attributes with several entities in
There are properties to which we can assign an instance of a class to choose from several different ones. In the screenshot we see the recipient property to which we can assign an object that can be of type AuthorizeAction or CommunicateAction or ….

Sometimes we can find properties marked in blue, instead of red. These are properties that have not yet been approved, so they are more likely to give us problems when it comes to Google interpreting them correctly. tells us the type or types of data that each property can have, although it does not specify some things that Google takes into account on its part and that are the following:

  • It is not clear when we can repeat the same property several times. When this occurs, each repetition can have values with instances of different classes.
  • It does not specify when a property is mandatory or recommended for Google.
  • It does not say when a compound data type can be replaced by a simple text data type and Google will have no problem reading it. Although this can almost always be done, despite the fact that the definition does not specify it.

It is normal that does not specify these aspects, since it is a vocabulary defined by several search engines and, afterwards, each one can add its own restrictions on this model.
In Google’s documentation on structured data we can find some of the information we would be missing in to make a correct implementation for Google.

Therefore, to know if the structured data we are writing based on, meet Google’s requirements, we have no choice but to check it after writing it, using Google’s tool to check structured data. And if we are interested in creating structured data to generate rich snippets, we can also use the rich results tool.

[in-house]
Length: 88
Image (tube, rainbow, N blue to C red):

Class inheritance relationships

There are properties that are the same in several classes and to avoid having to define the same property several times in each class, makes use of a concept called class inheritance. This consists in the fact that one class can inherit from another, establishing a parent and child class relationship, so that the child class inherits all the properties of the parent class. Thus, a parent class can have several daughters that share the same properties.
In the parent class par excellence is the class Thing, which defines common properties such as: name, description, url and image. As all classes inherit from Thing, their properties can be defined on any object we instantiate. Example:

inheritance of the properties of an entity
When we enter the definition of a class in, we can see the class it inherits from at the beginning (in the example Thing > Person). Then it shows us the properties that are proper of the current class(properties from Person) and then the properties that are inherited(properties from Thing). However, it is also possible that the class does not define any property of its own. In this case, it would be used only to specify what type is being defined.

Likewise, we can find classes that inherit from another one and that in turn inherit from another one and so on, so that they inherit properties from several classes, as in the example: